To combat these aging factors, proper maintenance, inspection, and timely repair are essential. Modern technologies like the Internet of Things (IoT) can also help by providing real-time data for monitoring and predictive maintenance. By addressing these contributing factors proactively, we can extend the lifespan and safety of our bridges, preserving them for years to come.
The Value of Predictive Maintenance Through Data
The construction industry, while slower to embrace technological advancements compared to other sectors, is now fully committed to leveraging digital transformation to enhance its operations. The Internet of Things (IoT) has emerged as a groundbreaking method for the maintenance of transportation infrastructures. By installing multiple sensors that continuously collect data on the structural health of bridges, real-time monitoring becomes possible, enabling early detection of potential issues.
The potential of big data is undeniable, offering companies the means to collect, analyze, and apply vast amounts of information to address issues and create added value for their clients.
Benefits of IoT in Bridge Maintenance
- Safety: By monitoring a bridge’s structural health and environmental conditions in real-time, IoT technology helps ensure the safety of commuters and pedestrians.
- Cost-Effective: IoT data-driven maintenance is more cost-effective, as it reduces the need for routine and costly inspections, and repairs are done proactively, minimizing potential damage.
- Longer Lifespan: With proper maintenance based on IoT data, the lifespan of bridges can be significantly extended, saving on reconstruction costs, and preserving essential infrastructure.
- Sustainability: Reduced maintenance frequency and optimized traffic flow contribute to a more sustainable approach to bridge maintenance.
- Data-Driven Decision-Making: Bridge authorities can make informed decisions based on data, ensuring resources are allocated efficiently and effectively.
CORRODEC®2G by InfrastructureTek offers groundbreaking technology with an unobtrusive yet powerful design. These sensors provide continuous remote health monitoring of bridges or any infrastructure asset. These sensors are passive and embedded within the concrete and deliver early warnings against corrosion and moisture threats to any concrete structure – long before corrosion manifests as cracks, spalls, and concrete degradation.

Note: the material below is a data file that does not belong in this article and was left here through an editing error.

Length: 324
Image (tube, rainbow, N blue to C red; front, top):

These sensors require a minimum of 10mm of concrete cover but can be placed as deep as 50 meters into the structure with a special antenna. They adapt seamlessly, whether oriented vertically or horizontally, catering to the unique needs of the structure. They can be placed into new concrete construction, or they can be installed into an existing structure that may be susceptible to corrosion degradation.
The collaboration between I-Tek and Infrasolute is poised to usher in a new era in bridge maintenance in the USA. By harnessing the power of big data, AI, and machine learning, these organizations aim to prolong the life of bridges, ensure their safety, and optimize their maintenance, ultimately benefiting the broader transportation network and the safety of the people who rely on it. As the construction industry embraces digital transformation, the future of bridge maintenance appears brighter than ever.
IoT technology is revolutionizing the way we maintain and ensure the safety of bridges. With real-time data on structural health, environmental conditions, and traffic, bridge authorities can proactively address issues, extend the lifespan of bridges, and enhance safety. The power of IoT in bridge maintenance is not only a cost-effective approach but also a more sustainable and data-driven way to manage essential infrastructure. As we continue to invest in IoT technology, our bridges will stand strong and safe for generations to come.
READ MORE about how CorroDec 2G’s innovative sensor technology has played a crucial role in the continuous monitoring and maintenance of the Südbrücke bridge in Koblenz, Germany.
READ MORE about the ASCE report card on bridge condition in the USA.